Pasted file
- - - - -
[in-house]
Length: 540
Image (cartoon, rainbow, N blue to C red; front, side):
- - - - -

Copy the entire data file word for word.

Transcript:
[in-house]
Length: 540
Image (cartoon, rainbow, N blue to C red; front, side):